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Investigaciones geográficas

On-line version ISSN 2448-7279Print version ISSN 0188-4611


PEREZ CAMPUZANO, Enrique. Location of Knowledge-Intensive Services Companies in the Valley of Mexico Metropolitan Zone. Invest. Geog [online]. 2021, n.105, e60255.  Epub Nov 01, 2021. ISSN 2448-7279.


Knowledge-intensive companies are recognized as value-creating agents. In fields such as urban economy and economic geography, the location of companies has been a recurring subject. The location of these companies and the conditions that define this location in either the urban or intra-urban system are relevant issues. In the urban system, these activities take place primarily in the largest cities or in those where the local conditions propitiate their establishment. Within cities (the central topic addressed in this article), urban or localization economies have been discussed to explain the existence of a certain spatial pattern. Another aspect proposed is the existence of de-concentration of these activities from the center to the periphery of cities. Despite being a topical subject, this has been barely explored in developing countries, likely as a consequence of the availability of information together with certain reluctance to analytical frameworks. The objective of this article is to contribute to the knowledge about the intra-urban location of knowledge-intensive services in the Valley of Mexico Metropolitan Zone (VMMZ).

Data and Methodology

Company data were obtained from the 2019 National Directory of Economic Units (DENUE). We used Subsectors 51 to 56 of the 2018 North American Industrial Classification System (NSCIAN). These include information activities in mass media, financial services, real estate, professional, corporate, and business-support services. The number of economic units in knowledge-intensive services were grouped by postal code, i.e. we established the total number of companies for each postal code in the VMMZ.

The covariables (measured at the postal code level) that would explain the location of these companies were: average education level, economic diversity (Shannon entropy index), density of economic units (log-transformed), population density (log-transformed), distance to Mexico City center downtown square (log-transformed), distance to freeways broader than 8 lanes (log-transformed), distance to the nearest subway station (log-transformed), and distance to the nearest park or urban area greater than 400 m2 (log-transformed).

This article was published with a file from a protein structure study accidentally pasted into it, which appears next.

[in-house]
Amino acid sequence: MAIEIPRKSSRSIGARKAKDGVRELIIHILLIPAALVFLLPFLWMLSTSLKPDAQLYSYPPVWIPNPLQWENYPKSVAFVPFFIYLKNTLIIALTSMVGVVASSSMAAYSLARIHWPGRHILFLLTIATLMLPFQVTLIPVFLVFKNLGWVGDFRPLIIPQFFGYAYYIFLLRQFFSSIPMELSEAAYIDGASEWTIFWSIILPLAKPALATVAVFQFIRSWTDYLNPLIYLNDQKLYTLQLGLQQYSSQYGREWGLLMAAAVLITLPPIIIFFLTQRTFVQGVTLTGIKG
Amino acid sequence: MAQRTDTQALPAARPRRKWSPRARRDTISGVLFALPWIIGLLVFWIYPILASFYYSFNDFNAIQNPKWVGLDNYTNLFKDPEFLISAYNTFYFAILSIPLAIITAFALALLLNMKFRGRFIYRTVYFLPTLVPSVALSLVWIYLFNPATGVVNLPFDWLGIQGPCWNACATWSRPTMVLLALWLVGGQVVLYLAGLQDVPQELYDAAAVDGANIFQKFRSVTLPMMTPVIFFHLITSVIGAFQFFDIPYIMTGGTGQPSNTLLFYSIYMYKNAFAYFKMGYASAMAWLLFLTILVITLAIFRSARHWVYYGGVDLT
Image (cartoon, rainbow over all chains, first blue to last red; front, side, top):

Due to the significant number of postal codes with no knowledge-intensive companies, we decided not to derive estimates using a least-squares linear regression. Instead, we used Poisson, binomial-negative, and Hurdle regressions in their “original” and excess-zero versions. These have the advantage of being more precise in the presence of “long tails” and categorical variables.


In spatial terms, at least three clusters of knowledgeintensive companies were identified, mainly in the center and north-west areas of the city and in the vicinity of the airport.

The variables accounting for the greatest explanatory power were density and diversity of companies, and average education level. However, the results are relevant regarding the difference between the zeros component (location vs. non-location) and the number of companies. That is, variables such as education level influence the location of companies, but not necessarily the number of companies. On the other hand, the number and diversity of companies, as well as their distance to freeways and to subway stations are significant variables in relation to the number of companies. In other words, the presence of other companies and the transportation and mobility variables influence the location of other companies.

Discussion and conclusions.

Knowledge-intensive activities have been consolidated as among the most relevant in urban economies. In developing countries, efforts are still needed both regarding the importance of these activities and regarding patterns of inter- and intra-urban location. This paper intends to identify some of the relevant factors that affect the location of these types of activities. The location of these companies is influenced by the density and diversity of companies, as well as by transportation and mobility infrastructure, that is, they behave according to a logic of urbanization economies and take advantage of the urban “environment” developed mainly in the most consolidated areas of the city. An additional factor to consider is that the quality of employment (measured through the education level) was found to be a variable that influenced only the location decision but not the number of knowledgeintensive companies. This would mean that skilled labor is relevant, but not necessarily in situ. Finally, urban space quality (measured through distance to green areas) is not statistically significant, which contrasts with the findings in other studies.

This is a first approach to this topic from a spatial standpoint and still requires further in-depth studies.

Keywords : Knowledge Intensive Business Services; ZeroInflated Regression; Metropolitan Zone of Mexico City; Agglomeration Economies.

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